C.S. Lewis: Transpositions

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Not that I have already obtained all this, or have already arrived at my goal, but I press on to take hold of that for which Christ Jesus took hold of me. Brothers and sisters, I do not consider myself yet to have taken hold of it. But one thing I do: Forgetting what is behind and straining toward what is ahead, I press on toward the goal to win the prize for which God has called me heavenward in Christ Jesus. Philippians 3:12-14

“But who dares claim to be a spiritual man? In the full sense, none of us. And yet we are somehow aware that we approach from above, or from inside, at least some of those Transpositions which embody the Christian life in this world. With whatever sense of unworthiness, with whatever sense of audacity, we must affirm that we know a little of the higher system which is being transposed. In a way the claim we are making is not a very startling one. We are only claiming to know that our apparent devotion, whatever else it may have been, was not simply erotic, or that our apparent desire for Heaven, whatever else it may have been, was not simply a desire for longevity or jewelry or social splendours. Perhaps we have never really attained at all to what St. Paul would describe as spiritual life. But at the very least we know, in some dim and confused way, that we were trying to use natural acts and images and language with a new value, have at least desired a repentance which was not merely prudential and a love which was not self-centred.”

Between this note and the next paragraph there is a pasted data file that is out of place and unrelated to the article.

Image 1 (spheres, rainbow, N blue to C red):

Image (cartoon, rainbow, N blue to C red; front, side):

C.S. Lewis in “Transpositions” in Transpositions and Other Addresses (Quebec: Samizdat University Press, 2014) 11.

“Transpositions” is an interesting sermon preached on Whitsunday (a.k.a. Pentecost Sunday) in Mansfield College Chapel, Oxford. It’s contents represents a scholar trying to wrap his mind around the idea of spiritual growth.

Part of what struck me is that the Christian life leads us to humility and selfless love. And it leads us away from the desire for longevity or jewelry or social splendours. In a sense, after reading it, I conclude that we become what we desire.

And yet, we never really arrive because there is so much about this spiritual life we seek that we don’t understand. So, how does this relate to generosity? If we are chasing longevity or jewelry or social splendours, we are running toward emptiness.

Alternatively, if we pursue spiritual things which none of us, including St. Paul, can ever fully grasp, we are headed the right direction. And we move that way by acknowledging our unworthiness. Only then we begin to discover real treasures worth grasping and sharing with others that money can’t buy.